Not only are the ULEZ proposals lacking in ambition, they are designed to leave the problem for his successor to grapple with, not coming into force until 2020 – four years after Boris has left City Hall.

By 2020 air pollution will have contributed to the death of around 35,000 more Londoners. There can be no more hiding, spinning and veiled threats to scientists. This is Boris Johnson’s final opportunity to deliver a better air quality legacy before he heads off to Westminster.

Murad Qureshi AM is Labour’s London Assembly environment spokesperson


UPDATE: 12 December 2014

The Mayor's office has been in touch, and gives this response to this article:

It is clear from Murad Qureshi’s piece that, despite chairing the London Assembly’s Environment Committee for a number of years, he has somehow missed the huge number of actions the Mayor has taken since being first elected in 2008 to improve the capital’s air quality.

The Mayor has implemented the most ambitious and comprehensive set of measures, including the first ever taxi age limits to get the older and more polluting vehicles off the road and a huge bus retrofit programme resulting in London’s buses now being the cleanest large fleet in the world. Energy efficiency measures have been installed in over 400,000 buildings across London, reducing emissions from boilers. All this action has led to a real-world measured 12 per cent reduction in NO2, the pollutant of particular concern, and we have halved the number of Londoners living in areas which break legal NO2 limits.

We accept that London’s air still isn’t good enough and to tackle this the challenge the Mayor is proposing the Ultra-Low Emission Zone for central London. This will be a game changer for the capital’s air quality and will halve pollution emissions in central London and have a transformative effect on the rest of London.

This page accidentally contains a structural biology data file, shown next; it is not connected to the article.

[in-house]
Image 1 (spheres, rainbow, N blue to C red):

Matthew Pencharz 
Senior Advisor – Environment & Energy to the Mayor of London

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The Manchester attack will define this election: Broadcasters have a careful line to tread

It's right that the government should be given a chance to respond, but they must not be allowed to use it to campaign.

Every election campaign has its story, its place in the political history of this country. 2017 will forever be known for Manchester and the horror of the attack on Britain's young; and fighting terrorism will be a theme, overt or underlying, of what we see and hear between now and polling day.

The broadcasters have covered the events comprehensively yet sensitively. But they are aware that we're in an election campaign too; and when other news drives aside the carefully-balanced campaign formats, ministerial appearances give them a dilemma.

The fact is that what the Prime Minister and Home Secretary are doing in response to Manchester is newsworthy. It was Theresa May's duty to implement the recommendations of her security advisers on the elevation of the terror alert, and it would have been unthinkable for the news channels not to broadcast her various statements.